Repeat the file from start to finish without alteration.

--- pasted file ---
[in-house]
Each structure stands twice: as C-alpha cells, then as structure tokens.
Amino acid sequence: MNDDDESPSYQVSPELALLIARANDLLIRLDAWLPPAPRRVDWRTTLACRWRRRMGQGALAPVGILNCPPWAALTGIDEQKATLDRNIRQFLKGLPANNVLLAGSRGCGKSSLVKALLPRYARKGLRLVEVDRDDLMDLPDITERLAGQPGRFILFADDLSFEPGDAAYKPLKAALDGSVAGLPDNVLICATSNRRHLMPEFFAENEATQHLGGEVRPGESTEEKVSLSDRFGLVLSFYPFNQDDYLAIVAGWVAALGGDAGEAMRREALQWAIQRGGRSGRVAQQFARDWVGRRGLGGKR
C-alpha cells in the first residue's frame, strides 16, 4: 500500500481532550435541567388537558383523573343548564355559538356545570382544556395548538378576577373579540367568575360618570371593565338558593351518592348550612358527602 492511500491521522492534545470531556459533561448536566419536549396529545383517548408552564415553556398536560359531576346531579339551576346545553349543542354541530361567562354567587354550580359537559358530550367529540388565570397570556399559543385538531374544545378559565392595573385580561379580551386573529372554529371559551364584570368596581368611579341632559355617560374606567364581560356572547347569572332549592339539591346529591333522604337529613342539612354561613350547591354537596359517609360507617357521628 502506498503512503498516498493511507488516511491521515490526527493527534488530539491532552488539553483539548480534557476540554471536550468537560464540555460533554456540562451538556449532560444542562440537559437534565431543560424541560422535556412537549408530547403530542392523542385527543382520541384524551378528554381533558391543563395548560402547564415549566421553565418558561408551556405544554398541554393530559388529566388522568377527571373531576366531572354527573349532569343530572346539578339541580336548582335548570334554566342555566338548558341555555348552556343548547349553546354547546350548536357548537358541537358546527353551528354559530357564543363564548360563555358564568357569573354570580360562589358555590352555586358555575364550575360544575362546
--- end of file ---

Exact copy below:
[in-house]
Each structure stands twice: as C-alpha cells, then as structure tokens.
Amino acid sequence: MNDDDESPSYQVSPELALLIARANDLLIRLDAWLPPAPRRVDWRTTLACRWRRRMGQGALAPVGILNCPPWAALTGIDEQKATLDRNIRQFLKGLPANNVLLAGSRGCGKSSLVKALLPRYARKGLRLVEVDRDDLMDLPDITERLAGQPGRFILFADDLSFEPGDAAYKPLKAALDGSVAGLPDNVLICATSNRRHLMPEFFAENEATQHLGGEVRPGESTEEKVSLSDRFGLVLSFYPFNQDDYLAIVAGWVAALGGDAGEAMRREALQWAIQRGGRSGRVAQQFARDWVGRRGLGGKR
C-alpha cells in the first residue's frame, strides 16, 4: 500500500481532550435541567388537558383523573343548564355559538356545570382544556395548538378576577373579540367568575360618570371593565338558593351518592348550612358527602 492511500491521522492534545470531556459533561448536566419536549396529545383517548408552564415553556398536560359531576346531579339551576346545553349543542354541530361567562354567587354550580359537559358530550367529540388565570397570556399559543385538531374544545378559565392595573385580561379580551386573529372554529371559551364584570368596581368611579341632559355617560374606567364581560356572547347569572332549592339539591346529591333522604337529613342539612354561613350547591354537596359517609360507617357521628 502506498503512503498516498493511507488516511491521515490526527493527534488530539491532552488539553483539548480534557476540554471536550468537560464540555460533554456540562451538556449532560444542562440537559437534565431543560424541560422535556412537549408530547403530542392523542385527543382520541384524551378528554381533558391543563395548560402547564415549566421553565418558561408551556405544554398541554393530559388529566388522568377527571373531576366531572354527573349532569343530572346539578339541580336548582335548570334554566342555566338548558341555555348552556343548547349553546354547546350548536357548537358541537358546527353551528354559530357564543363564548360563555358564568357569573354570580360562589358555590352555586358555575364550575360544575362546